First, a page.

Aluminum set screws....

Preferably socket head.....
Yeah, I know, MSC, McM.....
But, I just bought 1,000 nylon setscrews for all the 1/4-20 tapped holes in
my Gantry mill table (actually, in the rails I attached to the mill table), which are stripping out like crazy -- they go in OK, just don't come out so easy.... Whazzup wit DAT??
Inyway, had I bought them at MSC, the nylon screws would have cost $200. I got them at microplastics.com for $30. So I'm looking for a wholesale supplier of these screws, not bags of 25. Model places sell fancy-dancy really expensive anodized stuff, but I just want plain-jane stuff. Iny leads??
If worse comes to worse, I'll use steel, but alum really would be "cleaner".
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On 5/26/2013 10:09 AM, Existential Angst wrote:

there are several dozen resin formulations all under the general category of "nylon". Each one has different physical characteristics. Without knowing the exact type of Nylon you are buying, anything can happen.
Paul
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One thing is f'sure: I'da been much better off with *slotted* nylon set screws, rather than socket. I should have anticipated that. Mebbe that's in fact the way to go, if alum/brass are unavailable or outtasight $-wise.
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On Sun, 26 May 2013 13:09:48 -0400, the renowned "Existential Angst"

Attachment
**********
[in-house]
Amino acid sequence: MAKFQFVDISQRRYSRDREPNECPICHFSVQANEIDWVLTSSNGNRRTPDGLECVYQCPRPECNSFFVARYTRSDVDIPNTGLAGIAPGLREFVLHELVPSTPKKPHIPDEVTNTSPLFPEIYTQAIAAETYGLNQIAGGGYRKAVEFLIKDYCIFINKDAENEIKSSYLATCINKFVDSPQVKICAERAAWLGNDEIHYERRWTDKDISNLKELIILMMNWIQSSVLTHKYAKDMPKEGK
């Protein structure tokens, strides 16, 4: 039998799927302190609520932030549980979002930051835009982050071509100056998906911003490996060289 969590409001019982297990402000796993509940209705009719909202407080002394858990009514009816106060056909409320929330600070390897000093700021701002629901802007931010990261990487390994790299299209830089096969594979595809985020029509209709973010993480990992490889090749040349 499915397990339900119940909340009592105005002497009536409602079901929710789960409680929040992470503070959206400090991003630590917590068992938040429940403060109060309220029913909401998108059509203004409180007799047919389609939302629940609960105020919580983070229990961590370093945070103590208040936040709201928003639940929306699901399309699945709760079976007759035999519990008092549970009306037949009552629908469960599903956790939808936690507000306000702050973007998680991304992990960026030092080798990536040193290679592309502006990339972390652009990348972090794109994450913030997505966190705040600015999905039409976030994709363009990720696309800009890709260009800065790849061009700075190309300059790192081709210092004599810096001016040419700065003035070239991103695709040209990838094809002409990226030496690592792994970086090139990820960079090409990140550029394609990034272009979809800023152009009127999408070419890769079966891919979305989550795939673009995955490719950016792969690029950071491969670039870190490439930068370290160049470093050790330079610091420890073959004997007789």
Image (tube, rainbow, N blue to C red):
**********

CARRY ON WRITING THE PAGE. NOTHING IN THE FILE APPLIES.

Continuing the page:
What about brass ones (eg. from InStock) ?
http://www.instockfasteners.com/SearchResultsxhtmlsubcategoryid~118/criteria~9 |74|/mea~1/plnk~1/SearchResults.asp
They're not particularly cheap.
Best regards, Spehro Pefhany
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If you're just trying to not marr a surface with a hard screw face, we've used aluminum slugs in a tapped hole (slightly smaller that the tap drill) in front of a SHCS. Aluminum "mushes" with enough force. Braqss works too. Cutoff round rod, drop in hole and run screw. R. Wink
On Sun, 26 May 2013 13:09:48 -0400, "Existential Angst"

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Have you been using coolant on that table? The nylon will absorb water and expand. It may absorb oil too, I do not know.
If you want to stick with plastic, you might be able to find some Delrin screws.
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Yup, water soluble oil. That would indeed explain the difficulty in removal!! I had no idea nylon would absorb water!! Heh, reminds me of my ordeal with zinc chloride flux..... lol
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Also, with the socket head in soft material, if it sticks, the camming action of the hex key will expand the "head" of the screw, making it even tighter.
Doug White
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That's why I regret not having gotten them slotted.... proly woulda been cheaper, as well. Socket nylon is proly not a good idea in general.
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On Sun, 26 May 2013 13:09:48 -0400, Existential Angst wrote:

Why not nylon-tipped set screws, or something-else-tipped? It seems like if you dig hard enough you can get regular old steel set screws tipped with spherical or cylindrical slugs of just about anything you can imagine that's softer and more pliable than steel (well, any engineering material -- I have yet to see chicken-liver-tipped set screws).